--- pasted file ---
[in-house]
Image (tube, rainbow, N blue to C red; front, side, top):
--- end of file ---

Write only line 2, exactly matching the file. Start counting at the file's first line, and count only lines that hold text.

Image (tube, rainbow, N blue to C red; front, side, top):